Nestlé creates ag research institute: ‘We want to bring the most promising approaches and solutions to farmers’
Nestlé has created the Nestlé Institute of Agricultural Sciences, a move it hopes will help it support and accelerate the ‘large-scale changes’ that are needed in the way agricultural raw materials are produced and sourced.
The Institute will focus on the areas of plant science, dairy livestock and agricultural systems science.
"Our transition towards a regenerative food system is enabled by agricultural science and new agricultural technologies. The new institute will accelerate the translation of science into concrete solutions that can be implemented at farm level, to support farmers globally in improving their environmental footprint, in reducing food and nutrient losses, and in better adapting to climate change while ensuring the quality of the raw materials they produce,” commented Stefan Palzer, Nestlé CTO.
Building on existing expertise
The Nestlé Institute of Agricultural Sciences builds on existing work and expertise in agricultural science, the company stressed. Programs already implemented in the agricultural sector include the Nestlé Cocoa Plan and the Nescafé Plan. This research has delivered scientific discoveries such as the recently announced high-yield, drought and disease resistant coffee varieties. Nestlé experts are also working on identifying the most suitable pulses and grains to provide low carbon, plant-based alternatives to meat, seafood and dairy.
This ‘strong focus’ on plant science will be further strengthened and extended to additional crops, the company revealed today.
The Institute also aims to reduce emissions in dairy farming, develop regenerative agriculture practices, and to improve biodiversity and soil health. New approaches to upcycling agricultural side streams that reduce nutrient loss and food waste will also be on the agenda.
"The work in agricultural sciences will complement our broad expertise at Nestlé Research, ranging from food safety to health science, material science and packaging. We will leverage our scientific breadth to drive holistic approaches, contributing to concrete solutions and innovation applied throughout the value chain, including in products,” elaborated Isabelle Bureau-Franz, Head of Nestlé Research.
Researchers will work in ‘close collaboration’ with internal and external partners to assess and combine science-based solutions to improve the nutritional and sensorial qualities of ingredients while lowering the environmental impact of agricultural production.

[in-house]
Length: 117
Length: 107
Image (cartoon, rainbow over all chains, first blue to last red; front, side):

Announcing the investment, Nestlé said the new Institute will work alongside academic institutions and research organizations, start-ups, industry partners and farmers to assess and develop science-based solutions and adapt them for implementation and scale-up across the company’s supply chain’.
The ambition is to deliver benefits that also have a positive impact on the livelihoods and incomes of farmers. It will rely on new and existing collaborations, such as the research program with ETHZ to reduce the carbon footprint of agricultural products.
Jeroen Dijkman, Head of the Institute of Agricultural Sciences, said: "At the institute we will screen a wide variety of science-based agricultural solutions and assess their potential for reducing the environmental footprint of key agricultural raw materials. Together with our research and industry partners we want to bring the most promising approaches and solutions to farmers and contribute to their transition to regenerative practices with scalable and impactful applications."
As part of Nestlé's global research organization, the institute will be based in Lausanne, Switzerland. The facilities are due to be formally inaugurated later this year. It will also include the company’s plant science unit in France, as well as existing cocoa, coffee, and dairy research farms based in Ecuador, Côte d'Ivoire, Thailand and Switzerland.
Nestlé invests yearly CHF 1.7 billion in research and development, involving more than 4,000 people on 23 sites around the world.